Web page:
Not to brag, but DiseaseProof is earning some chops. For example, I receive press releases ALL the time now. Like this email from Hershey's about new research involving dark chocolate and vascular health. Take a look:
I wanted to share some news that The Hershey Company just released today that I thought might be of interest to you and your readers. As you might know, dark chocolate has come to be recognized for its flavanol antioxidant benefits, but a new study, conducted by the Yale-Griffin Prevention Research Center, has uncovered an important link to its vascular health benefits as well. The study, which used Hershey's Extra Dark Chocolate, reported that dark chocolate has a positive impact on blood pressure and blood vessel function. The study's release comes on the heels of Hershey's Extra Dark Chocolate, a rich dark chocolate featuring 60 percent cacao, earning renowned health and fitness expert Bob Greene's Best Life seal of approval – the first and only chocolate bar to earn that distinction.
Now, originally I balked at this—don’t think promoting chocolate bars for health is a good idea—but then I saw this report. Research by Mars Inc. has determined that flavanols in cocoa may boost blood flow to the brain. Via Kelley Colihan of WebMD:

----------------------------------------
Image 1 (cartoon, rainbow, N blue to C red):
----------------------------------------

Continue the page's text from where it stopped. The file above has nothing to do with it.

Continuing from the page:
The ingredient is flavanols, which are nutrients found in cocoa. Flavanols are considered to act as antioxidants and anti-inflammatories on cells. These chemicals can protect cells and tissue from damage, which in turn protects against heart disease and cancer.
The research and similar studies were funded by Mars Inc., the maker of Snickers and other foods….
….After one week, blood flow measures increased 8% in the group that got the flavanol-rich drinks. After two weeks that went up to a 10% increase.
When comparing participants drinking the high-flavanol cocoa to those who drank the low-flavanol cocoa, there was an increase in measured blood flow.
The researchers write that flavanols could have a "promising role" to treat brain conditions such as stroke and dementia.
Check out the study in Neuropychiatric Disease and Treatment. I think its interesting that two CANDY companies are talking about HEALTH, I wonder if they trying to convince us that sweets are ACTUALLY good for us—very funny, nice try!
Okay, as for flavanols. You don’t have to eat sugary M&Ms or KitKat bars to get them. Cocoa powder will do just fine and you can use it to make healthy recipes that include other super foods like spinach, walnuts and strawberries. See Banana Split Smoothie or Gerry’s Chocolate Pudding.